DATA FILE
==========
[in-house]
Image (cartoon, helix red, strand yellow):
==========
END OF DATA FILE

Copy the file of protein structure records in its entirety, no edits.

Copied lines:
[in-house]
Image (cartoon, helix red, strand yellow):